Breaks Last Taboo Of The Revolution
Nobel laureate under fire for new book on the role of
Jews in Soviet-era repression
who first exposed the horrors of the Stalinist gulag, is now
attempting to tackle one of the most sensitive topics of his
writing career - the role of the Jews in the Bolshevik revolution
and Soviet purges.
In his latest book Solzhenitsyn, 84, deals
with one of the last taboos of the communist revolution: that
Jews were as much perpetrators of the repression as its victims.
Two Hundred Years Together - a reference to the 1772 partial
annexation of Poland and Russia which greatly increased the
Russian Jewish population - contains three chapters discussing
the Jewish role in the revolutionary genocide and secret police
purges of Soviet Russia.
But Jewish leaders and some historians
have reacted furiously to the book, and questioned Solzhenitsyn's
motives in writing it, accusing him of factual inaccuracies
and of fanning the flames of anti-semitism in Russia.
Solzhenitsyn argues that some Jewish satire
of the revolutionary period "consciously or unconsciously
descends on the Russians" as being behind the genocide. But
he states that all the nation's ethnic groups must share the
blame, and that people shy away from speaking the truth about
the Jewish experience.
In one remark which infuriated Russian
Jews, he wrote: "If I would care to generalise, and to say
that the life of the Jews in the camps was especially hard,
I could, and would not face reproach for an unjust national
generalisation. But in the camps where I was kept, it was
different. The Jews whose experience I saw - their life was
softer than that of others."
Yet he added: "But it is impossible to
find the answer to the eternal question: who is to be blamed,
who led us to our death? To explain the actions of the Kiev
cheka [secret police] only by the fact that two thirds were
Jews, is certainly incorrect."
Solzhenitsyn, awarded the Nobel Prize for
Literature in 1970, spent much of his life in Soviet prison
camps, enduring persecution when he wrote about his experiences.
He is currently in frail health, but in an interview given
last month he said that Russia must come to terms with the
Stalinist and revolutionary genocides - and that its Jewish
population should be as offended at their own role in the
purges as they are at the Soviet power that also persecuted
"My book was directed to empathise with
the thoughts, feelings and the psychology of the Jews - their
spiritual component," he said. "I have never made general
conclusions about a people. I will always differentiate between
layers of Jews. One layer rushed headfirst to the revolution.
Another, to the contrary, was trying to stand back. The Jewish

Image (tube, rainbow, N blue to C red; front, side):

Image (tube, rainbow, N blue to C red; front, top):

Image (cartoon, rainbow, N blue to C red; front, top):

subject for a long time was considered prohibited. Zhabotinsky
[a Jewish writer] once said that the best service our Russian
friends give to us is never to speak aloud about us."
But Solzhenitsyn's book has caused controversy
in Russia, where one Jewish leader said it was "not of any
"This is a mistake, but even geniuses make
mistakes," said Yevgeny Satanovsky, president of the Russian
Jewish Congress. "Richard Wagner did not like the Jews, but
was a great composer. Dostoyevsky was a great Russian writer,
but had a very sceptical attitude towards the Jews.
"This is not a book about how the Jews
and Russians lived together for 200 years, but one about how
they lived apart after finding themselves on the same territory.
This book is a weak one professionally. Factually, it is so
bad as to be beyond criticism. As literature, it is not of
But DM Thomas, one of Solzhenitsyn's biographers,
said that he did not think the book was fuelled by anti-semitism.
"I would not doubt his sincerity. He says that he firmly supports
the state of Israel. In his fiction and factual writing there
are Jewish characters that he writes about who are bright,
decent, anti-Stalinist people."
Professor Robert Service of Oxford University,
an expert on 20th century Russian history, said that from
what he had read about the book, Solzhenitsyn was "absolutely
Researching a book on Lenin, Prof Service
came across details of how Trotsky, who was of Jewish origin,
asked the politburo in 1919 to ensure that Jews were enrolled
in the Red army. Trotsky said that Jews were disproportionately
represented in the Soviet civil bureaucracy, including the
"Trotsky's idea was that the spread of
anti-semitism was [partly down to] objections about their
entrance into the civil service. There is something in this;
that they were not just passive spectators of the revolution.
They were part-victims and part-perpetrators.
"It is not a question that anyone can write
about without a huge amount of bravery, and [it] needs doing
in Russia because the Jews are quite often written about by
fanatics. Mr Solzhenitsyn's book seems much more measured
Yet others failed to see the need for Solzhenitsyn's
pursuit of this particular subject at present. Vassili Berezhkov,
a retired KGB colonel and historian of the secret services
and the NKVD (the precursor of the KGB), said: "The question
of ethnicity did not have any importance either in the revolution
or the story of the NKVD. This was a social revolution and
those who served in the NKVD and cheka were serving ideas
of social change.
"If Solzhenitsyn writes that there were
many Jews in the NKVD, it will increase the passions of anti-semitism,
which has deep roots in Russian history. I think it is better
not to discuss such a question now."
St Petersburg Times